I like to pretend that I’m the girl who is okay with casual, who doesn’t mind being your fling and moving along a few weeks down the road. The girl who isn’t offended or hurt when she is blown off, the girl who has better things to do than spend time with you anyway.
The independent, unattached, self-sufficient, okay-with-hook-ups girl that society tells me I should be.
But I’m not that girl. The truth is, I fall in love easily – with words, with ideas, with situations and even with people. As much as I hate to admit it, you were no exception.
From the moment I met you, you put me at ease – something that rarely happens. You understood me, the deepest, darkest struggles of my being, because you had been there. You let me know it was okay to still struggle, still wonder ‘why me?’ But at the same time you didn’t let me dwell or feel sorry for myself. You taught me to take a deep breath and appreciate the moment I was in – something that would later bite me in the ass when I realized that living in the moment is what you do, and you rarely think to the future – a place I’d have liked to have been.
The truth is, I wanted to be the person you called when you heard good news, or even earth-shattering news. I wanted to be the person you brought home to your family and said “This is her, this is the one I’ve been waiting for.” I wanted to drive in a comfortable silence with you, your hand resting on my leg like it was the most natural thing in the world. I wanted to glance up and find you already looking at me, breathing the same air, thinking the same thoughts.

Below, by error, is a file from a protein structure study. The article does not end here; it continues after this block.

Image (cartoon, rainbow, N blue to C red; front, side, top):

I shouldn’t have felt like something was wrong with me for wanting to build a deeper connection with you, for wanting you to want to label us, to stake claim.
But admitting these desires made me feel weak, as if I was a less independent woman.
As soon as I admitted that, god forbid, I actually had feelings for you, guilt washed over me. Guilt that I couldn’t just let this be what it was, that I couldn’t be content to not throw a label on things. Guilt that you meant something to me, when you weren’t supposed to. Guilt that jealousy reared its head once in a while. Guilt that maybe, just maybe, I did want something more.
But, you see, I was stuck. Did I admit this and chance losing you completely, or continue the way we were, tucking away those rare moments, falling in love with them little by little and hoping someday they may amount to something, but pretending not to care when they didn’t?
But I didn’t do either, because I knew what would happen – you weren’t looking for something serious, I couldn’t force that. Instead I shut down and shut you out with no explanation (apart from this one, which you will likely never read). And for that I am at fault, but I was protecting myself and my own feelings above yours.
I won’t apologize for that, just like I won’t apologize for reading more into us, for wanting something more – because wanting something more is a natural human craving, not a sign of weakness or codependence. It doesn’t make someone less self-sufficient, less content, more pathetic. It makes them normal.
We would all do well to remember that.